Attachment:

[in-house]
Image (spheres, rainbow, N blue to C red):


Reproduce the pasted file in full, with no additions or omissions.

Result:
[in-house]
Image (spheres, rainbow, N blue to C red):